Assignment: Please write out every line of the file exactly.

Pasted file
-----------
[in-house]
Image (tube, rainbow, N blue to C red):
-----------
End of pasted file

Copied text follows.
[in-house]
Image (tube, rainbow, N blue to C red):